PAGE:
Sunday, September 30, 2007

Accused killer still fighting extradition

Patton charged in ’06 double killing

Originally posted on September 30, 2007

A man accused of killing two women in a North Fort Myers home last September has been fighting extradition in Kansas for more than a year.

David Richard Patton has fought against returning to Florida since he was arrested in Topeka on Sept. 23, 2006. On Friday, he bought himself at least another two weeks.

Now his case may need to go before the Kansas Supreme Court before prosecutors in Lee County can start building a case.

Kansas prosecutors say Patton has stalled longer than most defendants.

“This is extraordinarily unusual,” said Robert Hecht, district attorney for the Third Judicial District of Kansas.

Although Kansas prosecutors want to return Patton so he can face trial, attorneys for Patton are prepared to keep him away from Florida for as long as possible to avoid the death penalty.

“All I know is his lawyer has found himself a lifetime job,” said Alan Lind, the husband of Judith Lind, one of the two women Patton is accused of killing.

Patton is accused of bludgeoning to death Lind and her sister, Patricia Perlman, on Sept. 10, 2006, in Perlman’s home before stealing a 2001 Lumina and less than $300 worth of goods, according to the Lee County Sheriff’s Office.

Deputies say Patton took Perlman’s car to Fort Lauderdale after the slayings before hopping on a bus to leave the state.

Authorities learned of the women’s deaths after neighbors reported a fire at Perlman’s Ellis Street home. Once firefighters arrived, they found the women and immediately began investigating the fire and the deaths as suspicious.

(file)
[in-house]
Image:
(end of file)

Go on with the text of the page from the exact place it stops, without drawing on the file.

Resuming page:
It was more than a week before investigators named Patton as a suspect. But shortly after publicizing his identity, deputies tracked down Patton in Topeka, the city where his mother and brother live.

Sheriff Mike Scott said Patton confessed to the killings to Lee County detectives who flew to Kansas.

But since then, he has fought return to Florida. Local prosecutors can’t speed up the process, according to state attorney’s office spokeswoman Samantha Syoen.

“We can’t comment on what another state attorney’s office is doing with the case,” Syoen said. “If you want to know, you have to ask them.”

Ronald Evans, a death penalty attorney with the Shawnee County, Kan., public defender’s office, has filed repeated motions about Patton’s competency to stand trial.

Patton’s wife said the couple had legally separated and were in the midst of a divorce before Patton went to Florida, and he had sunk into depression. He is on medication at the Shawnee County Jail, Joyce Patton said.

Evans would not comment for this story but in February said his client did not want to face capital punishment.

“He will not voluntarily return to face a death penalty,” Evans said then.

Hecht said it isn’t in Kansas’ purview to determine if Patton should die for his accused crimes.

“That is not anything our courts have any business deciding,” he said.

In April, a state court in Kansas agreed, and ruled once a governor’s warrant from Florida arrived, Kansas no longer had jurisdiction.

Evans appealed that decision, but on Aug. 15, the state court of appeals declined to overturn it.